Albert Hackett (story)

Sidney Sheldon (screenplay) &
Frances Goodrich (screenplay) &
Albert Hackett (screenplay)

Guy Bolton  uncredited

Produced by
Arthur Freed .... producer
Roger Edens .... associate producer (uncredited)
 
Original Music by
Conrad Salinger (uncredited)
 
Cinematography by
Harry Stradling Sr.  (as Harry Stradling)
 
Film Editing by
Albert Akst 
 
Art Direction by
Cedric Gibbons 
Jack Martin Smith 
 
Set Decoration by
Edwin B. Willis 
 
Costume Design by
Irene (costumes: women)
Valles (costumes: men)
 
Makeup Department
Jack Dawn .... makeup designer
Sydney Guilaroff .... hair styles designer
Dorothy Ponedel .... key makeup artist (uncredited)
 
Production Management
Al Shenberg .... production manager (uncredited)
 
Second Unit Director or Assistant Director
Carl 'Major' Roup .... second assistant director (uncredited)
Wallace Worsley Jr. .... assistant director (uncredited)
 
Art Department
Arthur Krams .... associate set decorator
 
Sound Department
Douglas Shearer .... recording director
James Brock .... sound (uncredited)
 
Special Effects by
Warren Newcombe .... special effects
 
Camera and Electrical Department
Richard Borland .... grip (uncredited)
Ed Hubbell .... still photographer (uncredited)
Sam Leavitt .... camera operator (uncredited)
Cliff Shirpser .... assistant camera: Technicolor (uncredited)
 
Costume and Wardrobe Department
Eugene Joseff .... costume jeweller (uncredited)
 
Music Department
Leo Arnaud .... orchestrator
Johnny Green .... musical director
Conrad Salinger .... orchestrator
Robert Tucker .... vocal arranger
Van Cleave .... orchestrator
Sidney Cutner .... orchestrator (uncredited)
Roger Edens .... composer: additional music (uncredited)
Robert Franklyn .... orchestrator (uncredited)
Paul Marquardt .... orchestrator (uncredited)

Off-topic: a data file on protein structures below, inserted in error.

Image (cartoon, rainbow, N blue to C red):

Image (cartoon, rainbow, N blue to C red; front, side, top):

Leo Shuken .... orchestrator (uncredited)
 
Other crew
Henri Jaffa .... associate technicolor color director
Natalie Kalmus .... technicolor color director
Fred Astaire .... choreographer (uncredited)
Leslie H. Martinson .... script supervisor (uncredited)
Charles Walters .... choreographer (uncredited)
 
Crew verified as complete


Production CompaniesDistributors

Additional Details

Also Known As:
"Irving Berlin's Easter Parade" - USA (complete title)
See more »
Runtime:
107 min
Country:
Language:
Color:
Color (Technicolor)
Aspect Ratio:
1.37 : 1 See more »
Sound Mix:
Mono (Western Electric Sound System)
Certification:
Argentina:Atp | Australia:G | Germany:o.Al. | Netherlands:AL (original rating) (1949) | South Korea:All | Sweden:Btl | UK:U | USA:Approved (MPAA rating: certificate #12947)

Did You Know?

Trivia:
The song "Easter Parade" that the movie was based upon was first sung in Irving Berlin's 1933 Broadway revue "As Thousands Cheer" by Marilyn Miller and Clifton Webb and was inspired by the annual event in New York City where people stroll down Fifth Avenue displaying their new hats (some very outrageous) and their Easter finery. The song also appeared in the Irving Berlin movie Holiday Inn (1942).See more »
Goofs:
Continuity: Watch Hannah's hat in the "Fella With the Umbrella" scene. She makes it through the drops to the umbrella with her feather relatively unharmed. The shot changes to a close up and her feather is drenched. Later its standing up straight again, then down again. Its pretty obvious that the close up shots were filmed before or after the longer shots.See more »
Quotes:
Don Hewes:Miss Brown, what idiot ever told you you were a dancer?
Hannah Brown:You did.
See more »
Movie Connections: